Are Jalapenos A Vegetable: Debunking the Myths and Truths? It’s often difficult to know what’s true and what’s not when it comes to food, especially with the Internet. It can be especially confusing when it comes to hot peppers like jalapeños. Many people strongly disagree on whether jalapeños are a vegetable (in which case they shouldn’t be served raw) or a hot pepper that should be avoided at all costs. Let’s look at both sides of this argument, debunking some common myths along the way so you can make your own informed decision.

Jalapeño Is Spanish for “Pepper”

Yes, but it’s also the Spanish word for “pepperoncino” or “a little pepper.” This is because the jalapeño is a hybrid pepper, and the “N” and “P” in its name are part of the pepper plant. The word “jalapeño” is a corruption of the Nahuatl word jalapeno, a hybrid word of the indigenous Aztec word xalapantli and the Nahuatl word pahuatel, meaning “fragrant cactus.”

Jalapeños Are Fresh Peppers

Are Jalapenos A Vegetable

Wild jalapeños are green, but domesticated jalapeños are often orange. The orange jalapeño is a cross between the green jalapeño and sweet bell pepper, not a fresh pepper at all. The orange jalapeño is actually a cross between the yellow and orange cultivars of bell pepper, not a true orange jalapeño like you would find in the grocery store. Both types are classified in the same genus as the other red, yellow, and orange peppers and are botanically the same species.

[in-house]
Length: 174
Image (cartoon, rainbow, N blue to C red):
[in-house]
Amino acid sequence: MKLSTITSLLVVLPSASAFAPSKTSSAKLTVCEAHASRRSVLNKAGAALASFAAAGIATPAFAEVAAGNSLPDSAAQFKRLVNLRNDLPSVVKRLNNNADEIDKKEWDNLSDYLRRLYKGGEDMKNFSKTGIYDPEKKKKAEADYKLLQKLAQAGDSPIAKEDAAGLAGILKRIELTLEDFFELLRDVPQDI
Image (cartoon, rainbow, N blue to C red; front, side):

Jalapeños Are Dried Peppers

Dried jalapeños are often used for salsa and other dishes, but technically, a jalapeño is a pepper. The dried pepper is a fully ripened bell pepper harvested and cured in salt. This preserves the pepper’s enzymes and avoids its softening when heated.

Jalapeños Are Mexican Triggers

Of all of the myths about peppers, this is the most common—and it’s just not true. The term “triggers” is a term used to describe foods that will make someone feel intense emotions. Such as spicy food that is a long-time favorite of someone who has a loved one who died. The idea that Jalapeños are “Mexican” triggers a complete misunderstanding of the Aztec origin of the jalapeño and the fact that peppers were eaten outside of Mexico long before the Spanish arrived.

Why You Shouldn’t Serve Raw Jalapeno

Raw jalapeños are dangerous. If you eat a raw jalapeño, it’s possible that you could develop a life-threatening allergic reaction. The issue is that most individuals are allergic but don’t realize it until it is too late. Frequently, people are unaware that they are allergic to spicy peppers. In some instances, the allergic response is only brought on by a jalapeo.

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Jalapeños are a hot pepper in the same genus as bell peppers. They are not a vegetable, fruit, herb, spice, a condiment, Mexican ingredients, a trigger, or anything else. They are simply hot pepper. And while they can be eaten raw, most people find them best when cooked.

There is a lot of confusion surrounding jalapeños, but one thing is certain: they are a very spicy pepper. To enjoy jalapeños raw, you should take a step back and consider your tolerance level. If you like spicy food, a raw jalapeño will be hot.

If you’d like to try jalapeños but aren’t sure if you’re up for the heat, try eating a raw jalapeño slice or two first to see how you like the spiciness. For those who are interested in the debate, the bottom line is that you should enjoy jalapeños however you choose!